I've always loved the written word. I can remember how proud I felt the first time I read a book to myself. Childhood summers offered endless amounts of time devoted to books, amidst playdates and outdoor activities. At times I would be so consumed with a book, propped up on my favorite couch, that my parents would remind me to go outside to get some fresh air. How many times would I take my book with me and read on a swing or sprawled across an inflated inner tube? As any dedicated reader will understand, I could not tear myself away from the characters, from wondering how a story would unfold, and from wondering what I would do in those circumstances.
My childhood best friend Ruth and I, along with our mothers, headed to the bookstore on the appointed day. It was a cold winter day. The line was long but at least it didn't stretch outside. There was a palpable feeling of excitement in the air. Ruth and I were among our kind. I remember wondering what to say to Ms. L'Engle. What do you say to the author you most admire?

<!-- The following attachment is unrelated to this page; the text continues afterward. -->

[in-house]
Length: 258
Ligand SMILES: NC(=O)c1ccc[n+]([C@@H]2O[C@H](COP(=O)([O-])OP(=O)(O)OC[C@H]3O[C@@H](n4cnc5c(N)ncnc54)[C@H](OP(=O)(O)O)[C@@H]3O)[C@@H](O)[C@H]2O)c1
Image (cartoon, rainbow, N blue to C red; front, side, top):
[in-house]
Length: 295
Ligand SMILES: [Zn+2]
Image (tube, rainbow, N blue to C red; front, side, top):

And then suddenly, the excitement cut short. The book signing had gone over its allotted time. Madeleine would have to leave. Our books would not get signed. I felt crushed! We stood in the bookstore, close enough to see her at the table, and yet not close enough.
Then the measure of the woman shined through. Madeleine L'Engle personally greeted everyone left in line. I remember her kind eyes, her smile, my awe that I was face to face with the very person who had written my favorite book. I hoped that if I ever managed to write my own book, I could be the kind of author and person that she was.
The bookstore manager collected Ruth's and my books. A few days later we picked them back up and found bookplates with L'Engle's signature tucked inside. I treasure the book to this day.